Let them eat cake!
Brittny/shutterstockCake for road trip snacks for kids? Everything in moderation, right? Erin McGann of Erin at Large lets her kids pick local snacks while traveling. "I really let them pick anything," says McGann. We've discovered some truly amazing things at bakeries and vending machines this way!" No worries, fellow moms, it's a once-a-day occurrence. McGann's other suggestion is to let the kiddos choose whatever fruit they want when they stop at a local farmers market. Choosing a fruit provides a fun distraction and break in traveling.
Ajintai/shutterstockThis isn't your typical, "Dear diary, today I had to sit next to my little brother who drove me nuts for 100 miles." This is an interactive journal meant to be shared. McGann suggests buying a basic travel journal with colored pencils and a glue stick. "When you're on the go, they are responsible for finding bits to put in them—business cards from cafes, coasters, fliers, tourist maps," says McGann. "They can spend that restaurant dead time to put things in their journal. It's a great way to talk over what you did that day."
gontar/shutterstockWe usually associate a carabiner with the rock climbing crowd but Elizabeth Newcamp of Dutch, Dutch, Goose! has several uses for saving the day while traveling with kids. "I typically have one clipped to my keys to keep them in my purse and then one to the boys book bags to keep their water bottles attached should they fall out the mesh side pocket," says Newcamp. "I've used them to fix a broken purse strap, attach a baby toy to a high chair, create a little handle running off the stroller for them to hold, hold a bunch of shopping bags and even just used it as a toy for the kids to play with in a pinch."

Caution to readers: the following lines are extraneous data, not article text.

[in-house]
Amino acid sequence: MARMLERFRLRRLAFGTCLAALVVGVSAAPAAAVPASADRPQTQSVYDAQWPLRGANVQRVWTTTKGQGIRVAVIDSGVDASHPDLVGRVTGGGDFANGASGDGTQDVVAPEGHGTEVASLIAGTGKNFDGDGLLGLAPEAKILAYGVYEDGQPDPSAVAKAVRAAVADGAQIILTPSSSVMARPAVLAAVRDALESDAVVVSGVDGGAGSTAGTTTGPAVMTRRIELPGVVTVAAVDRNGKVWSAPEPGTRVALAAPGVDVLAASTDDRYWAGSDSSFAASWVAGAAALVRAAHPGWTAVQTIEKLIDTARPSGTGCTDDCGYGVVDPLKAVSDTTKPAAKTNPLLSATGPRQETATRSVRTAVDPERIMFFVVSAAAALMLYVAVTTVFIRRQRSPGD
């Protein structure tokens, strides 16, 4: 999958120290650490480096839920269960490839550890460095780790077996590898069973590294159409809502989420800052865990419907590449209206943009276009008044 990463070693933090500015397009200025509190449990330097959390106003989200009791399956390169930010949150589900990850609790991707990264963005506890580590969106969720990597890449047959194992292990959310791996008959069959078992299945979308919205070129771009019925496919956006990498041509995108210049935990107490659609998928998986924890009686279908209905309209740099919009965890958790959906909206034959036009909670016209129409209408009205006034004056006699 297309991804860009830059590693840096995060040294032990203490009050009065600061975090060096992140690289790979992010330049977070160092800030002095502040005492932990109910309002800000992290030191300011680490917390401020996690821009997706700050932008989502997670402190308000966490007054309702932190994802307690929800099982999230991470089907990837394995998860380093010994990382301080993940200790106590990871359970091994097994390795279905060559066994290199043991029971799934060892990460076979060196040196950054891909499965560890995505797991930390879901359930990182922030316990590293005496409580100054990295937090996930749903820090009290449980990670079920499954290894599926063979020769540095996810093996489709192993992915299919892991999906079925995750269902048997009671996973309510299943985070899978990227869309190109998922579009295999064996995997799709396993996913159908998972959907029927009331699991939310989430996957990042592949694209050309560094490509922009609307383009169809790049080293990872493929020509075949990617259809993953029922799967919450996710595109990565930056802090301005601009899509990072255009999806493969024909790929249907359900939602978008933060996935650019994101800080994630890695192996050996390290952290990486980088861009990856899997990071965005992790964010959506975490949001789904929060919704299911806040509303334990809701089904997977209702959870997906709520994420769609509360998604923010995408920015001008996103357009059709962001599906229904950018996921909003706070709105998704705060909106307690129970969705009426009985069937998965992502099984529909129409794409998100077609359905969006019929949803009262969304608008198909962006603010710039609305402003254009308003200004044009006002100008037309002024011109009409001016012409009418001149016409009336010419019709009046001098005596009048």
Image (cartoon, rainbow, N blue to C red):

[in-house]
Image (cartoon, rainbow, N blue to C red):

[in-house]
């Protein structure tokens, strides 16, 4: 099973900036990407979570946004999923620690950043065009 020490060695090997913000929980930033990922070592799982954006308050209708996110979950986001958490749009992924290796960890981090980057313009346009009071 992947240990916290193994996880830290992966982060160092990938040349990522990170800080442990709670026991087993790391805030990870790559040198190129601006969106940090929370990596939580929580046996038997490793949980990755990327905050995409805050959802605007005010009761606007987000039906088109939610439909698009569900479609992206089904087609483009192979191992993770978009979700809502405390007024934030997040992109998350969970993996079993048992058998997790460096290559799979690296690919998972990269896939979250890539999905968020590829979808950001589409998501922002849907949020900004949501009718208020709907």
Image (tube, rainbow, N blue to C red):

koosen/shutterstockLarge resealable plastic bags of all sizes are a traveling family's best friend. You'll want to splurge and get the trusted brand name ones for durability. One of Newcamp's favorite uses is for clothing. "I use zip lock bags to pack the kids clothes and keep outfits together. Each morning the kids can just pick a bag out of the suitcase and get themselves dressed." Pack extra bags for keeping wet items from the beach, to carry snacks or sandy toys. Another option for messy containment is to pick up a roll of dog poop bags. "They are perfect for diaper changes, wet clothes, vomit and anything containing a mess. I can put all our trash in there and then just toss it at the next trash can," says Newcamp.
Sing a soothing song
kak2s/shutterstockEven if you can't carry a tune, your kids can be lulled into quiet time or sleep with a song. "A week before you leave on your trip, choose a soothing song to sing to your child every night at bedtime that they associate with calming down," suggests Bailey Gaddis, CHt, HBCE, of the blog Your Serene Life. This go-to methods helps mom and kid settle down after a weary day of traveling. If you have a fidgeter, Gaddis suggests telling your child to close their eyes, watch your face or have them focus on a calming object so they don't get distracted.